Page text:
Auriemma says players and winning championships are more important to him than reaching 1,200 wins


HARTFORD, Conn. (AP) — Geno Auriemma says he’s less excited than his staff about the prospect of becoming the third coach in Division I college basketball history to reach 1,200 wins.

It’s a milestone the Hall of Famer could get on Wednesday night when No. 11 UConn (19-4, 11-0 Big East) faces Seton Hall (13-9, 5-6).

Auriemma would join former Duke men’s coach Mike Krzyzewski (1,202 wins) and Stanford’s Tara VanDerveer (1,206) , who received widespread acclaim last month when she became the winningest coach in college basketball history.

The 69-year-old Hall of Famer has been playing down his own accomplishment, joking that if his sports information director had her way the school would put up a sign at the XL Center reading, “I’m Number Three.”

“Anything to celebrate something,” he said.

“I like to think that our basketball program is going to be more remembered for the 11 national championships that we have, rather than the number of wins that I have or may get down the road,” he later added.

But Auriemma’s accomplishment is unprecedented in several ways.

He’s going to get to 1,200 wins faster than anyone else, reaching the milestone in his 39th season. Krzyzewski coached for 47 years and VanDerveer is in her 45th season as a head coach.

And unlike Krzyzewski, who also coached at Army, and VanDerVeer, who was at Idaho and Ohio State before Stanford, Auriemma has done it all at a single school.

He turned UConn from a program that had just one winning season before he arrived in 1985 to perennial title contender. In addition to the 11 titles, the Huskies have also been to 22 Final Fours and recorded six perfect seasons. His teams haven’t won fewer than 25 games in a season since 1992-93.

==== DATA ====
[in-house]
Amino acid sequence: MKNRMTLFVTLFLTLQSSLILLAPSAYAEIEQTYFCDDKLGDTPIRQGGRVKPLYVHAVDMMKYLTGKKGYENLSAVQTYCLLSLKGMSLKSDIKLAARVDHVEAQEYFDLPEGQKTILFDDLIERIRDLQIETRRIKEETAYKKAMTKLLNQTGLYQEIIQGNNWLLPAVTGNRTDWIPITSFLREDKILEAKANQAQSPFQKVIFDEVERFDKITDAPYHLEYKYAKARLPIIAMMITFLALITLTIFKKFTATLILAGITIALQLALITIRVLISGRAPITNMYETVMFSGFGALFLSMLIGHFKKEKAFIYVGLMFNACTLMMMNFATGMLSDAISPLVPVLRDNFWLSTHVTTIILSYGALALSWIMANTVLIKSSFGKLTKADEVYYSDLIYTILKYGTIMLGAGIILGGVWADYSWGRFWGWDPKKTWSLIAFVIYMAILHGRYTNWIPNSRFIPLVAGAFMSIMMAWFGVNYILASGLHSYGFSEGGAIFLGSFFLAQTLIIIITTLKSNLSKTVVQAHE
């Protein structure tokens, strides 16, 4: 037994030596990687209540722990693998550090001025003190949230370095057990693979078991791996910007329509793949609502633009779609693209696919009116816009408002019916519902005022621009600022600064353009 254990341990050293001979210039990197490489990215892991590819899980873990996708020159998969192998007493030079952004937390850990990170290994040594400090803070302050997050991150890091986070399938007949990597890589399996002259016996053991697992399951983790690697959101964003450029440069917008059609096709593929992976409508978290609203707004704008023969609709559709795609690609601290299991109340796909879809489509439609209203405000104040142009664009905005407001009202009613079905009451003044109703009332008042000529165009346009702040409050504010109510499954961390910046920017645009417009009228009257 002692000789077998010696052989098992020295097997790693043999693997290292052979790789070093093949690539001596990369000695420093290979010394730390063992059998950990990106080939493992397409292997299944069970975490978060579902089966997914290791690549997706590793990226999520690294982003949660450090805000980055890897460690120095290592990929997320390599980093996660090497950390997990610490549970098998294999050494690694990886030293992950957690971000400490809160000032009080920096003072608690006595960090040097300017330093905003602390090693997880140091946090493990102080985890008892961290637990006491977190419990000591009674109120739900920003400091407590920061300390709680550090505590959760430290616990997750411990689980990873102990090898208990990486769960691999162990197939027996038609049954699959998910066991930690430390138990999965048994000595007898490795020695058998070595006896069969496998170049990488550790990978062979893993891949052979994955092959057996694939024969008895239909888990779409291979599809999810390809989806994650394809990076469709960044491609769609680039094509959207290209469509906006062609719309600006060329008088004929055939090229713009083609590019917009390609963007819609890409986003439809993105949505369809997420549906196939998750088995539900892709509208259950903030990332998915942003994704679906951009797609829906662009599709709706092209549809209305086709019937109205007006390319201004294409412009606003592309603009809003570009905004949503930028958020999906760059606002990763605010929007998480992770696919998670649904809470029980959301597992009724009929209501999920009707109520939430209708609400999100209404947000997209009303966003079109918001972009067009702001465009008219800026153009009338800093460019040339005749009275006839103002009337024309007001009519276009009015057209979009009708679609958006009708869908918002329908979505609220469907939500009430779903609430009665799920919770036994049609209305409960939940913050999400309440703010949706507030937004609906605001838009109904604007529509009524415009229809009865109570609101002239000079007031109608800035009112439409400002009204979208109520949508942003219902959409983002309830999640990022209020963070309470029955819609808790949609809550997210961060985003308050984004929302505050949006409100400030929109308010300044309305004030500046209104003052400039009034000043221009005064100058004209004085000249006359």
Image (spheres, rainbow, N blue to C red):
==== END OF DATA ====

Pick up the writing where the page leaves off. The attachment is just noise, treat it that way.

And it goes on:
“What stands out to me is the totality of what he has built in Storrs,” said Rebecca Lobo, who led UConn to its first title in 1995 and now serves as an ESPN analyst. “The national championships, league championships, the consecutive win streaks, the teams that seem to yearly get inducted into the Huskies of Honor, the sure-fire Hall of Fame players. Twelve-hundred is amazing on its own, but when you look at it intertwined with everything else, it’s mind boggling.”

And DePaul coach Doug Bruno, a longtime friend and assistant coach on the 2012 and 2016 Olympic team, said Auriemma’s impact goes far beyond the numbers because he has widened the audience for the sport.

“I’ll argue with anybody in any bar in any town in the world and the United States of America about which college program has done the most (for the game),” he said. “And it’s UConn.”

Current star Paige Bueckers, the 2021 National Player of the Year, said she came to the school specifically because she wanted to play for Auriemma, just like her childhood basketball heroes.

“From the start, he expects the same out of every single player; he builds a relationship with every single player,” she said. “And he demands greatness and you can see it in the championships and the success here, the total number of wins, the players he produces for the pros, the Olympics.”

Auriemma has been cryptic when asked how long he might continue to coach, but said it will have a lot to do with the quality of the young women he can recruit to the school and nothing to do with how many wins he ends up with.

“We’re still getting the kind of players that I like to coach and I enjoy being around,” he said. “But my friends back home (say) ‘Hey, Stay. Stay until you get it, so you can become number one.’ For what purpose? Seriously, for what purpose?


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